The conventional nutritional paradigm has been described as an empirical evaluation of how yield varies with nutrient application and is considered as a trial-and-error procedure. The gradient concept shifts the emphasis from variations in fertilizer application to one specific procedure designed to stabilize the ionic composition of the soil solution; thus providing the potential to enhance productivity beyond the limits of the trial-and-error procedure. By maximizing nutrient movement by diffusion and minimizing movement by mass flow (with the water), movement of nutrients and water to the root can by synchronized with removal by the root. A surface source of soluble nutrients (primarily N–K) in conjunction with a constant water table are the basic parameters. With the shift to a gradient-oriented procedure, commercial tomato yields in Florida (1970s) more than doubled. The Earth Box™, made of recycled plastic (manufactured by Laminations, Inc., Scranton, Pa.) is designed to maintain the parameters for a containerized gradient concept. Tomato yields have averaged 6 to 8 kg/plant (two plants/box). With the addition of side air spaces to the original air space between the media and the water table, the average yield increased by 20% to 30% with a maximum of 11.3 kg/plant (Fall 1996). With minimal water (for transpiration only), minimal management (maintaining the water table), minimal pollution (no leaching), and the associated nutritional stability, the containerized gradient concept has the potential to become a universal sustainable production system for the commercial grower as well as the home gardener.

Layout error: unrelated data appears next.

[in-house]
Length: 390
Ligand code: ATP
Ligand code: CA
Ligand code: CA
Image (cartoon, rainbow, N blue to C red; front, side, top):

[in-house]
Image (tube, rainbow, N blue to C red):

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Michael D. Frost, Janet C. Cole, and John M. Dole

Improving the quality of water released from containerized production nurseries and greenhouse operations is an increasing concern in many areas of the United States. The potential pollution threat to our ground and potable water reservoirs via the horticultural industry needs to receive attention from growers and researchers alike. `Orbit Red' geraniums were grown in 3:1 peat:perlite medium with microtube irrigation to study the effect of fertilizer source on geranium growth, micronutrient leaching, and nutrient distribution. Manufacturer's recommended rates of controlled-release (CRF) and water-soluble fertilizers (WSF) were used to fulfill the micronutrient requirement of the plants. Minimal differences in all growth parameters measured between WSF and CRF were determined. A greater percentage of Fe was leached from the WSF than CRF. In contrast, CRF had a greater percentage of Mn leached from the system than WRF during the experiment. Also, regardless of treatment, the upper and middle regions of the growing medium had a higher nutrient concentration than the lower region of medium.